Treadmill exercise not only improves the mobility and health of people who have had strokes but also seems to “rewire” the brain—even years after the damage—according to a new study.
“This is really good news for stroke survivors,” says study co-author Daniel Hanley, a professor of neurology at Johns Hopkins University. “It suggests that not only are there improvements that they haven’t yet achieved that they can achieve, [but also] that through research we can find even bigger changes.”
The study, which appears in the journal Stroke, involved 71 people who had had a stroke on average about four years before testing. Researchers asked one group to exercise on a treadmill; the other group received only stretching therapy.
The treadmill users gradually increased the intensity of their exercises over the course of six months; at the study’s end they showed significant improvements in walking speed and fitness. The control (stretching) group showed reduced or no improvement in these measures.
But the changes weren’t restricted to just the heart and lungs. Functional magnetic resonance imaging (fMRI) studies found that people in the treadmill group showed activity increases in regions of the brain associated with walking.
“It was a strong correlation—the brain activity change didn’t occur in the non-paralyzed limb of patients receiving treadmill therapy,” Hanley says. This shows that “some rewiring may be going on and is in part responsible for the walking improvement.”
But what was truly unexpected, he says, was where the activity was found—in the midbrain and cerebellum instead of the cortex, which is associated with many of the brain’s higher functions.
Stroke survivors can take hope from this, Hanley adds, because it offers new potential treatments. “For 80 percent [of stroke survivors], the prime complaint is limited mobility,” he says. Whether through therapeutic drugs or stem cells or robotic circuits, “there are now more sites in the brain that are candidates for intervention than we had before this study.”
Importance of aerobics
“This is a certainly a well-designed, well-prepared, well-conducted study,” says Allen Brown, director of brain rehabilitation and research at the Mayo Clinic in Rochester, N.Y., who was not involved in the study. And the research largely confirms previous work suggesting that aerobic exercise can aid in stroke recovery, he adds.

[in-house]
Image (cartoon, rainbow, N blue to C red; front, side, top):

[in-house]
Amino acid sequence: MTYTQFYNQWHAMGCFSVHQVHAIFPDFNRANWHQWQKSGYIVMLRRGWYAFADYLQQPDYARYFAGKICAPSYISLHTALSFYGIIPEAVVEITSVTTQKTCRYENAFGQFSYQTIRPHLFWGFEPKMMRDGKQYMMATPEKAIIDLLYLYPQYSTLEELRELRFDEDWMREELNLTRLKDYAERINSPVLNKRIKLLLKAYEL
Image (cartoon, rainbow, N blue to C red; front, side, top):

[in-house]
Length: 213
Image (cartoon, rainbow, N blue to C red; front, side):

“It further reinforces that clinicians should support and explore aerobic fitness after stroke, just as they should for everyone, period,” something many patients and even some doctors ignore, Brown says. “The research largely confirms the fact that even in the chronic phase, patients with intense interventions can increase task-specific performance and cardiopulmonary fitness.”
However, more research is needed to determine whether such activity can truly improve walking—the scientists did not assess gait, only fitness—and whether using a treadmill is necessary to see improvement or if any exercise would work.
The brain changes observed also are preliminary—due to the restrictive environment of MRI scanners, researchers could test only for knee-bending, a proxy for walking—and any treatments based on that work would be years away even if they were successful, Brown says. Hanley and his team are planning to address some of these questions soon.
“Whether the brain changes are a cause or an effect of the therapy is an open question,” Hanley says. “More research and more evaluation are needed to be sure if the brain changes are sufficient to cause walking changes.
“We would like to figure out what the right doses of these type of interventions are,” he adds. “Other interventions might result in even bigger improvement in gait and movement.”